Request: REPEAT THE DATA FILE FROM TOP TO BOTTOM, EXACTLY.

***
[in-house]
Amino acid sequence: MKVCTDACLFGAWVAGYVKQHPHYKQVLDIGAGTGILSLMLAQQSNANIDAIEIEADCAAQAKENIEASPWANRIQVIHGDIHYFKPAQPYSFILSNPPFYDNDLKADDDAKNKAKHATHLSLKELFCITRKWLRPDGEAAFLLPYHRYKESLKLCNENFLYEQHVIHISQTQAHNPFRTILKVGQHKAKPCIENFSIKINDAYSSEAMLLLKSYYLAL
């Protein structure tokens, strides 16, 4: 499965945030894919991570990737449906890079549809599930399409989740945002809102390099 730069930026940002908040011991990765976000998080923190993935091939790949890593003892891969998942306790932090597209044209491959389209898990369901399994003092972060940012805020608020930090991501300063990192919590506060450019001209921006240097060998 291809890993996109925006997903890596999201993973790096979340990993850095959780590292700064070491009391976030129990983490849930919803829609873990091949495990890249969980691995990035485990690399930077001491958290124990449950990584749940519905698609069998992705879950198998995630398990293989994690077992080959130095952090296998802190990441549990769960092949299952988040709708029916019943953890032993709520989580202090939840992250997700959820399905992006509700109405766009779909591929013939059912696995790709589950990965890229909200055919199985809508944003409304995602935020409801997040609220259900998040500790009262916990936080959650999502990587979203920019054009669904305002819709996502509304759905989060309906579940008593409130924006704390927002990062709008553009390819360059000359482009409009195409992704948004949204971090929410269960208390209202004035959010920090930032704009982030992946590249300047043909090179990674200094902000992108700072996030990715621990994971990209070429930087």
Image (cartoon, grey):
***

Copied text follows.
[in-house]
Amino acid sequence: MKVCTDACLFGAWVAGYVKQHPHYKQVLDIGAGTGILSLMLAQQSNANIDAIEIEADCAAQAKENIEASPWANRIQVIHGDIHYFKPAQPYSFILSNPPFYDNDLKADDDAKNKAKHATHLSLKELFCITRKWLRPDGEAAFLLPYHRYKESLKLCNENFLYEQHVIHISQTQAHNPFRTILKVGQHKAKPCIENFSIKINDAYSSEAMLLLKSYYLAL
């Protein structure tokens, strides 16, 4: 499965945030894919991570990737449906890079549809599930399409989740945002809102390099 730069930026940002908040011991990765976000998080923190993935091939790949890593003892891969998942306790932090597209044209491959389209898990369901399994003092972060940012805020608020930090991501300063990192919590506060450019001209921006240097060998 291809890993996109925006997903890596999201993973790096979340990993850095959780590292700064070491009391976030129990983490849930919803829609873990091949495990890249969980691995990035485990690399930077001491958290124990449950990584749940519905698609069998992705879950198998995630398990293989994690077992080959130095952090296998802190990441549990769960092949299952988040709708029916019943953890032993709520989580202090939840992250997700959820399905992006509700109405766009779909591929013939059912696995790709589950990965890229909200055919199985809508944003409304995602935020409801997040609220259900998040500790009262916990936080959650999502990587979203920019054009669904305002819709996502509304759905989060309906579940008593409130924006704390927002990062709008553009390819360059000359482009409009195409992704948004949204971090929410269960208390209202004035959010920090930032704009982030992946590249300047043909090179990674200094902000992108700072996030990715621990994971990209070429930087």
Image (cartoon, grey):